No one loves a good debate quite like baseball fans, and with that in mind, we asked each of our beat reporters to rank the top five players by position in the history of their franchise, based on their career while playing for that club. These rankings are for fun
No one loves a good debate quite like baseball fans, and with that in mind, we asked each of our beat reporters to rank the top five players by position in the history of their franchise, based on their career while playing for that club. These rankings are for fun and debate purposes only -- if you don’t agree with the order, participate in the Twitter poll to vote for your favorite at this position.
Here is Joe Trezza’s ranking of the top five catchers in Orioles history. Next week: First basemen.
1. Rick Dempsey, 1976-86, '92
Key fact: Franchise-most 1,230 games caught for Orioles; 1983 World Series MVP
There are Orioles catchers with better numbers and more accolades, but Dempsey is the choice here for the full scope of his work, a four-plus decade connection with the O's over which he’s become one of their most beloved and revered figures. Originally arriving in Baltimore as part of a 10-player trade with the Yankees in 1976, Dempsey went on to log more games behind the plate than any catcher in Orioles history, star in two Fall Classics and earn World Series MVP honors in one. But from the series of Babe Ruth pantomine rain delay skits to his contributions to the Invisible Orioles Magic Band, Dempsey’s appeal always extended beyond the playing field. It still does.
“Baseball has a lot of characters and there are some intangible values to those personalities on a team. Demper was definitely that and a winner as well, “Cal Ripken Jr., who roomed with Dempsey as a younger player, wrote in 2017. “Rick was social; he was an extrovert. He could walk up and sing with a band and have a good time. He was a personality that Baltimore could love but also a blue-collar, hard worker. Although everyone knew he could joke around, people took him seriously because when he was on the baseball field he wanted to win.”
One of three catchers to play in four decades (Carlton Fisk and Tim McCarver are the others), Dempsey was known as one of the most colorful and defensively gifted backstops of his era. He played parts of 24 seasons in the big leagues (the eighth most ever) for the Twins, Yankees, Orioles, Indians, Dodgers and Brewers. The decade-long heart of that career came in Baltimore, where he anchored pitching staffs that led the O's to World Series appearances in 1979 and 1983, and where Dempsey remains a favorite son.
Dempsey solidified that status in 1983, when he went 5-for-13 with four doubles and a homer to earn World Series MVP honors. The Orioles topped the Phillies in five games to capture their third and last title, four years after squandering a 3-1 lead in the 1979 Series vs. the Pirates.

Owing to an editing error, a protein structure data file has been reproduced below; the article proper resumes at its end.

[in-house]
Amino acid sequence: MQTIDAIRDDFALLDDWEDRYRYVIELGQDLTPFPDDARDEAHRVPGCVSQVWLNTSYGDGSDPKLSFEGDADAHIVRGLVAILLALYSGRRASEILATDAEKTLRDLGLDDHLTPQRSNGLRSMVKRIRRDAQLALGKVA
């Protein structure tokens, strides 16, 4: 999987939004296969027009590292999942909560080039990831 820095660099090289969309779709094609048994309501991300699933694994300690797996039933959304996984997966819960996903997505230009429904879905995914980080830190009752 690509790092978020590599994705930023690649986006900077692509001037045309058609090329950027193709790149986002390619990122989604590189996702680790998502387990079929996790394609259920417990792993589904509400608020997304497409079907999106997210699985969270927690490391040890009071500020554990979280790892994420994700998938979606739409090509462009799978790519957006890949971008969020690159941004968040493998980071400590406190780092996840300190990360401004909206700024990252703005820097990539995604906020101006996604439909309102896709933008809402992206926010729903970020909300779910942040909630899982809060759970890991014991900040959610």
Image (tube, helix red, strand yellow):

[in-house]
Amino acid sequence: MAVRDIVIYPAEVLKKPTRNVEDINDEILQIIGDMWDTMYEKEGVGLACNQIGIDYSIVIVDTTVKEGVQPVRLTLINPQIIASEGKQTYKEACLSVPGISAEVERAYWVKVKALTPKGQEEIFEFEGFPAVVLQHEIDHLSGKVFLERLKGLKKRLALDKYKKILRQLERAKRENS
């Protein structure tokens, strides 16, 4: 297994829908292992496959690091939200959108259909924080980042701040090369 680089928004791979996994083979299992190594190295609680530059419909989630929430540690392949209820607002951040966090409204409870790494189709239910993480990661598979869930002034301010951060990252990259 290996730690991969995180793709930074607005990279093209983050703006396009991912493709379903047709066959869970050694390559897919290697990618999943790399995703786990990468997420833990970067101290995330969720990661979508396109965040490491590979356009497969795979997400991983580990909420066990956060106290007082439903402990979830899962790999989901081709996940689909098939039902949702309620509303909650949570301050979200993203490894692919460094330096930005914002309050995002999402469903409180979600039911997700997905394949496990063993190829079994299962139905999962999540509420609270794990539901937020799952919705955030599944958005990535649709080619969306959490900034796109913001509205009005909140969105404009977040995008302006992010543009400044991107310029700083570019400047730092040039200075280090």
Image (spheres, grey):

Though several catchers throughout O's history sport better regular-season numbers than Dempsey, few can match his postseason resume. A career .233 hitter with .666 OPS in regular-season play, Dempsey hit .303/.370/.515 with 12 extra-base hits and seven RBIs across 25 career postseason games.
“I came through at the best time to come through,” Dempsey told MASN in 2013, on the 30th anniversary of the 1983 title. “Whenever we played big games, I put the stats behind me and only thought, ‘What can I do to help this team win?'”
2. Chris Hoiles, 1989-98
Key fact: Franchise catcher leader in WAR and home runs
The franchise leader in homers as a catcher, Hoiles hit 151 (141 at the position) after arriving from Detroit in the Fred Lynn trade of 1988. He also ranks first among Orioles catchers in runs (415), OPS (.833), weighted on-base average (.368) and fWAR (24.8) with the club, with whom he spent his entire career. Hoiles' best season came in '93, when he hit .310 with 29 homers and a 1.001 OPS and received down-ballot American League MVP Award votes.
3. Gus Triandos, 1955-62
Key fact: Earned MVP votes in 4 of first five seasons in Baltimore (1955-59)
The franchise’s first slugger and mainstay behind the plate, Triandos earned three All-Star nods in the late ‘50s (1957, '58 and '59). He compiled the only 30-homer season for a catcher in O’s history (when he hit 30 in '58), and still ranks as the franchise’s leader at the position in RBIs (517). He threw out 47 percent of attempted basestealers in his career, including a whopping 67 percent in '57, one of the highest single-season marks ever.
4. Matt Wieters, 2009-16
Key fact: Four-time All-Star, two-time Gold Glove winner
The No. 5 overall pick of the 2007 Draft, Wieters never developed into the superstar he was projected to be. But he did grow into a four-time All-Star and two-time Gold Glove winner, and the defensive anchor for playoff teams in '12 and '16. He ultimately hit .256 with 117 homers and a .739 OPS and accumulated 18 fWAR across eight seasons in Baltimore.
5. Andy Etchebarren, 1962, '65-75
Key fact: Played in four Fall Classics
Etchebarren won World Series titles with the Orioles in 1966 and '70, after becoming the first (and first until John Means in 2019) O’s rookie to make the All-Star team when he did so in 1966. He was also a fixture on AL champion Orioles teams in '69 and '71, and squads that reached the AL Championship Series in '73 and '74. Etchebarren caught 730 games total across 12 seasons in Baltimore, earning two All-Star nods.
Mickey Tettleton was a huge part of the 1989 “Why Not?” Orioles, earning Silver Slugger and All-Star nods that year. … Ramón Hernández spent just three years with the O's, but set the single-season franchise mark for a catcher with 91 RBIs in 2006. … Elrod Hendricks was a fixture with the franchise for nearly four decades as a player and coach.
Joe Trezza covers the Orioles for MLB.com. Follow him on Twitter at @JoeTrezz.